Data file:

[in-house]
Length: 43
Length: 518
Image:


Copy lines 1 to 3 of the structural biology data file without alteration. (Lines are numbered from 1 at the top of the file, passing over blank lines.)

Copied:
[in-house]
Length: 43
Length: 518